when things really, really suck

I was first diagnosed with an eating disorder my junior year of high school, after almost 4 years of fighting it. Like everything else I’ve done in my life, I thought I could take it head on. I thought it would be me eating meals and gaining the weight back and then everything would be fine and I’d be better. I didn’t realize how much went into it. I didn’t realize that it was really about numbing out and about dealing with painful things and anxiety. I didn’t realize that, almost 4 years later, I’d still be fighting every single day. I also didn’t know how many people I’d have on my side, how many incredible people I’d meet along the way, and how much support I’d gather.

After being diagnosed that initial time, I saw a therapist and dietitian, and did a support group at my dietitian’s office. I’m writing this because I just found out that a girl I did that initial support group with in high school passed away. I’ve been sitting here trying to process it with no avail. I didn’t know her well, but the fact that another life is lost to this disease is breaking my heart. My facebook feed is full of posts about her, from various friends who I went to treatment with who were at other treatment centers with her.

When i think about that group I did in high school, I smile. The girls I met there are kind and successful and intelligent and passionate and, for the most part, are all off living their lives, eating disorder free. But not everyone is, and every time I think about that, the tears start rolling again. I got really lucky. I got the treatment I needed and my insurance covered the exorbitant costs and I have so much support. But not everyone can tell this tale, and I feel crushed just thinking about that.

Things got better for me. They got better and are so much better than I ever thought they could be. I didn’t think I’d ever be able to go out and, on a whim, eat a cheeseburger and fries. 15-year old Jordan didn’t even see that as a possibility, and now it’s just a thing I do. Things got better and I waited and I am so thankful that I let this play out. But that’s not everyone’s experience. This is is the third death of someone with an eating disorder that I or my friends have known SINCE JULY, and it’s not okay. I’m sitting here and I am so angry and so sad and so shocked and I haven’t been able to even produce coherent thoughts. I need everyone to understand the severity of this. I need you to understand that throwing around “anorexic” or “bulimic” as a joke isn’t funny, and that when you start to notice a friend skipping meals or binging or purging, you ask them what you can do to help. I need insurance to start covering treatment, so that families don’t have to pay upwards of $70,000 for their loved ones to get the help they need. I need schools to educate kids on more than just the average anorexic ballerina stereotype. And mostly, I need to do this and be here to tell my story so that, when a fifteen year old seeks treatment for her eating disorder, someone looks her in the face and tells her that yes, recovery is hard, but yes, it’s possible.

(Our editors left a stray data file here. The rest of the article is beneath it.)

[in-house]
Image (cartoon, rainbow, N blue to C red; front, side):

My chest hurts and it feels like today, all i can do is cry. This could have been anyone. It could have been me or one of my friends from treatment. It feels like the easiest thing to do today is restrict and lay in bed all day. But life is about showing up and doing difficult things and talking about what hurts you. So here’s how I feel, tears and messes and snotty tissues and all. I’m so sad and I’m eating anyway, even though it would be easier to use my eating disorder to numb out some of this pain. Because life involves showing up, even when your world feels like it’s ending. I’m going to be here tomorrow and the day after and the day after that and a lot more days after that, because I’ve seen it get better. I am so thankful that I’m still here to see the sun rise and drink chai tea and pet dogs and hug my mom and dad and see the leaves fall. I am beyond grateful that junior year me and senior year me and college me didn’t give up, and that I get to live this beautiful life. Not everyone gets that.

I read a quote today- “I can bear any pain, as long as it bears purpose.” And it made me angry. People shouldn’t die from this disease, but they do. This pain feels pointless. This shouldn’t have happened. But i’m here and I’m bearing it because if I didn’t, that would mean giving in to my eating disorder. And I cannot bear to see another life lost to it.

Rest in peace, Nicole.

Love, Jordan


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